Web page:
The Hat has sold its “world famous pastrami” (their words, not ours) from its Pasadena location since 1951, though it has since expanded to almost a dozen locations. 

Unlike most pastrami-sandwich shops,  The Hat offers au jus and other dipping options for its pastrami sandwiches, and its “Pastrami Dip” is featured prominently at the top of its online menu.

Famous 4th Street Delicatessen
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Famous 4th Street Delicatessen


Website: famous4thstreetdelicatessen.com


Founded in 1923, the Famous 4th Street Delicatessen has kept Philadelphians fed for a full century now. It's de rigueur for politicians in the city to make Famous 4th Street a stop on the campaign trail, including former President Obama who visited the deli during a previous campaign. 

Of course, the deli includes hot pastrami and pastrami Reubens among its sandwich offerings, but it also offers pastrami cheeseburgers, pastrami cheesesteaks, and pastrami and egg breakfast sandwiches.

Kenny & Zuke’s Delicatessen
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Kenny & Zuke’s Delicatessen

Portland, Oregon 

Website: kennyandzukes.com


Ken Gordon and Nick Zukin opened for business when they couldn't find a good Jewish deli in Portland, so they opened their own. Their oak-smoked pastrami appears in classic sandwiches and also in the “pastrami hash” on their breakfast menu.

Larder Delicatessen and Bakery
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Larder Delicatessen and Bakery


Website: larderdb.com


Larder hasn't been around very long — it only opened in 2018 — but it hit the ground running, and almost immediately started collecting James Beard Award nominations. 

The deli is particularly renowned for its pastrami made with koji, a microbe traditionally used in Japan to make soy sauce, miso paste, rice vinegar, and sake, among other things. Larder's koji-treated pastrami cures in only three days, compared to traditional pastrami, which generally needs to soak in brine for at least three weeks. The pastrami’s spice rub contains the typical black pepper and coriander but also includes reishi mushroom powder to add an earthy depth of flavor.

Crown Burgers
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Crown Burgers

Salt Lake City

Website: facebook.com/CrownBurgers33SState


If pastrami on rye is the unofficial sandwich of New York City, then the pastrami burger is the unofficial sandwich of Salt Lake City. Many restaurants throughout Utah offer pastrami-topped hamburgers on their menu, but Salt Lake City's Crown Burgers, founded in 1978 by Greek immigrants, is believed to have been the first. The menu offers a variety of burger options but the pastrami-topped crown burger is its best-seller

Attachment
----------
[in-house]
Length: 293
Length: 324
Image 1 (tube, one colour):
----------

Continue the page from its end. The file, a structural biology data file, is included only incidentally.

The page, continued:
Feldman’s Deli
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Feldman’s Deli

Salt Lake City

Website: feldmansdeli.com/home


As a New York-style delicatessen, Feldman's is one of the few pastrami sandwich joints in Salt Lake that doesn't put pastrami slices on top of a burger. But it does offer more than half a dozen different pastrami sandwiches for lunch and dinner — not just the classic pastrami on rye, but also the “sloppy Joe” (corned beef, pastrami, coleslaw and Thousand Island dressing), the “Rachel” (pastrami, Swiss cheese, coleslaw and Thousand Island), the “Little John” (a half-pound each of pastrami and corned beef, with mustard, on rye), and more. There are also pastrami omelets on the breakfast menu.

Pastrami Queen
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Pastrami Queen

New York

Website: www.pastramiqueen.com


This certified kosher deli first opened in Brooklyn in 1956, under the name Pastrami King. When the business moved to Queens it changed its name in honor of its new location, and the name stuck when the business moved again, to its current location on Manhattan's Upper East Side. Its smoked pastrami is hand-cut, and Anthony Bourdain called the result a “real-deal pastrami sandwich.”

Call Your Mother
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Call Your Mother

Washington, D.C. 

Website: callyourmotherdeli.com


Call Your Mother calls itself “a Jew-ish deli,” and combines classic Jewish deli ingredients into brand-new dishes in addition to the classic pastrami on rye (or challah, if you'd prefer). 

The “Sun City” sandwich combines pastrami, bacon, “bodega-style eggs,” cheddar and American cheeses, and spicy honey, and the “Jetski” melt is brisket and pastrami, American and cheddar cheese, and jalapenos, with more cheddar melted on it.